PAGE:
Smoked Clam Chowder

When it comes to matching foods with places clam chowder and New England are inseparable. For the purpose of this recipe, we will change it up with a Memphis twist. Before adding the clams to the soup, place them in the Memphis for a short smoke. We are confident the smoky flavor will score big points with the fans.


  • 3 lb little neck clams, cleaned and shucked (or 1 large tin)
  • ½ lb naturally smoked bacon, thick slices (no maple flavoring)
  • 1 ½ C yellow onions, small dice
  • ½ C celery, small dice
  • ½ C carrot, peeled – small dice
  • 1 bay leaf
  • 1 Tbsp chopped fresh thyme
  • 1/3 C flour
  • 4 C peeled & cubed & red potatoes, medium dice
  • 2 C clam juice
  • 2 C chicken or vegetable stock
  • 1 C heavy cream
  • 1 C milk
  • Salt and pepper to taste


  1. If you are using fresh clams, scrub each clam under running water using a small brush to remove debris and sand. Dissolve 1/3 C of non-iodized salt in 1 gallon of cold (distilled) water. Place the clams in a stainless steel bowl and cover with the saline mixture. Soak the clams for I hour. This will help the clams to purge any bits of sand. Commercially grown cultured clams will have less sand inside than wildly harvested clams. Alternatively, you can simply use canned clams on a busy day!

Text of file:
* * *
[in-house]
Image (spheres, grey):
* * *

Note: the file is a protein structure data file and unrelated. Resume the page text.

2. Pre-heat the Memphis Wood Pellet Grill to 225 F. We like to use apple pellets for smoking clams.
  3. Place the shucked (or canned) clams, in a single layer on a fine mesh vegetable rack and put this rack on the lower level of the pre-heated Memphis. Smoke the clam meat for 30 minutes. When the clams have cooled enough to handle chop them into smaller chunks if necessary.
  4. Cut bacon into 1” squares and fry the small slices in a heavy bottomed stock pot over medium-high heat until crispy.
  5. Stir in the onions, celery, and carrots and sauté until the vegetables begin to soften and the onion becomes semi-translucent. Add the thyme.
  6. Whisk in the flour, lower the heat to medium and cook, whisking constantly, for 2 minutes. Add the bay leaf to the pot.
  7. Whisk in the clam juice in a slow and steady stream, followed by the stock. Bring the liquid up to a boil then reduce the heat so the liquid is just simmering. Continue to simmer the mixture until the potato cubes are cooked all the way through.
  8. Add the cream and milk. Bring the soup back up to the simmering point. Add the smoked clam chunks and simmer for 2 or 3 more minutes. Remove the bay leaf and correct the seasoning with salt and pepper if needed. Ladle into shallow bowls and serve.

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